Another of Blair’s clients is Azerbaijan. Heydar Aliyev was the KGB chief when Azerbaijan was in the old Stalinist Russian empire, and soon after independence he became president, until he died in 2003. They know how to handle these matters in dictatorships, and (as with Assad in Syria) Heydar’s son – Ilham Aliyev – was immediately installed as ruler. Ilham has a nice little family, two daughters and a son, and they all soon found themselves owning large Azerbaijani companies, not to mention valuable real property. Ilham’s son, another Heydar, actually bought some luxury mansions in a Dubai development when he was only eleven years old. Clearly a promising lad. No prizes for guessing who will be groomed to succeed his father in due course as Azerbaijan’s freely-elected leader. (In fact the family spent $44 million altogether on Dubai mansions, despite the fact that Ilham’s official salary is only $228,000; they must have been saving their pennies.) Blair went to Baku (Azerbaijan’s capital) in 2009 and made a speech boosting the regime, in return for a fee of nearly $150,000. ‘Journalists and human rights activists have been intensely harassed and savagely beaten’ (Guardian 6 January 2015), and opponents find themselves in jail; the security forces have arrested demonstrators ‘in order to protect citizens’ constitutional rights’ (which is one way of putting it).
Among numerous other clients is the ruler of Rwanda. Blair is ‘an uncritical friend and well-paid adviser to the likes of Paul Kagama of Rwanda, a violent authoritarian’ (Economist, 5 March). In that auspicious country, those who speak against the leader would do well to make their wills. A number of politicians who opposed Kagama have come to a sticky end, while more than one who hoped to baffle Kagama’s strong-arm boys by fleeing abroad has met with a violent and unexplained demise even in a ‘safe haven’.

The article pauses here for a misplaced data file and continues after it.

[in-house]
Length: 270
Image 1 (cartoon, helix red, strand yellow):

Blair’s wife Cherie is in on the act. She has founded a firm to provide ‘strategic counsel to governments, corporates and private clients’. One of her customers is the president of the Maldives, Abdulla Yazmeen, who has put the leaders of three opposition parties in jail, along with another 1700 opponents.
Providing help to despotic potentates round the world certainly pays off. Blair’s personal fortune is now estimated at £70 million. Windrush Ventures (which advises foreign governments; Firebush Ventures looks after affluent companies and sovereign wealth funds) –has just trebled its annual profits to £2.6 million, and the average pay of its forty-eight staff is now over £100,000 (Daily Telegraph, 6 March). A tax specialist professor at City University said Blair when prime minister used to favour ‘accountability and transparency’; now he is ‘embarrassingly silent about his sources of income’. Blair’s London home is a capacious house in Connaught Square (once owned by John Adams, later the American President), near Hyde Park, along with a substantial mews house behind, both guarded round the clock by armed policemen. His country residence, which he bought in 2008, is a Queen Anne mansion in Buckinghamshire, complete with tennis court and swimming pool. In fact Blair is now believed to own thirty-six properties.
Blair is keen to keep on good terms with the other world, and has founded ‘Tony Blair’s Faith Foundation’ to support all the major religions (with its main office in Grosvenor Square, just across from the US embassy); so perhaps he feels that in return the various supernatural rulers of the universe are supporting him, however dubious his activities. Blair’s excuse for joining in the invasion of Iraq (which kickstarted the total chaos across the Middle East today – Syria has 250,000 dead, and half the population are ‘displaced’, i.e. refugees) – his excuse was that Saddam Hussein was a brutal dictator (as indeed he was). He keeps saying he will defend the assault on Iraq ‘till my dying day’. How ironic it is that Blair is now making his fortune by supporting other equally brutal dictators.
Socialists have always pointed out that Labour governments, and Labour Prime Ministers, can do no more than attempt to run capitalism more efficiently, and pretend to make people better off. Tony Blair is now apparently engaged in an earnest effort to prove socialists right – at least he’s doing his best to make at least one ex-Prime Minister better off.